Local Interest

Gary Stone, Nebraska Extension Educator Water and Integrated Cropping Systems

This the first in a six-part series of articles covering basic water law in the United States, predominately in the western part of the country, and how it affects this finite resource.

Water law has a long history. It can be traced back to Roman times and also has roots in English common law. Across the United States, it varies from state to state, and from East to West.

When conflicts arise the courts usually determine the outcome, unless there are state or federal laws or previous case studies to resolve the issue. Exceptions to the law can arise from differences in each state’s water laws.

Whether or not we work in agriculture, in rural Nebraska and other farming and ranching areas, agriculture provides us with some of the first signs of spring. We have all smiled at newborn baby calves bucking, head butting each other, and running with their tails sticking straight out. But those who aren’t farmers or ranchers, or otherwise involved in agriculture, might wonder what “calving season” is and why it is such a big deal to the men and women of agriculture. Driving by those playing calves, they might not realize all that goes into making sure those babies get a good, healthy start.
The next session of “Know Your Numbers, Know Your Options,” Nebraska Extension’s four-part record-keeping course, will be held virtually on Thursday from 10:00 a.m. - Noon CT March 4, 11, 18, and 25, 2021. Participants should plan on attending each of the four workshop dates. The course requires participants to have an internet connection.

The second annual Panhandle Soil Health Workshop sponsored by the University of Nebraska-Lincoln Panhandle Research, Extension and Education Center will be an online event for ag producers, consultants, and others in the region.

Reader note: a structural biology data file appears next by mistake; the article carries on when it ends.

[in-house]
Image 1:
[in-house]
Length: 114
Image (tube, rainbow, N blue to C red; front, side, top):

The workshop will take place on March 5, 2021 from 8 a.m. – 3:30 p.m. on the Zoom cloud meeting platform. Registration is needed and can be done online.

Speakers from the University of Nebraska-Lincoln (UNL), U.S. Department of Agriculture Natural Resources Conservation Service (USDA-NRCS), and the University of Wyoming, as well as producers, will present soil health, soil health programs, and management practices that affect soil health in the region.

The annual University of Nebraska-Lincoln High Plains Ag Lab Research Update and Advisory Board Meeting is going virtual for 2021. It will begin at 1 p.m. MST on Tuesday, Feb. 16, 2021 on the Zoom webinar platform.

At the annual research update, the latest results from crop and livestock research at HPAL, as well as administrative and business updates, will be shared with the HPAL advisory board and the public.

Anyone who wants to participate in the meeting should call the High Plains Ag Lab at 308-254-3918 to obtain a link where they can join. Participants will need an internet connection and web browser on their home computer, or else a mobile device connected to a network or internet and the Zoom application installed.

The research report topics include:

The Animal Manure Management team has opted to change the format of live Land Application Training events this year. In February and March, the team will host a series of three 1.5-hour long zoom sessions that will serve as the first portion of initial land application training. Recertification training and the last segment of initial training will be held at a later date, hopefully in-person. Anyone is welcome to participate in the zoom sessions, but participation at each session will be limited to keep them interactive and informative.

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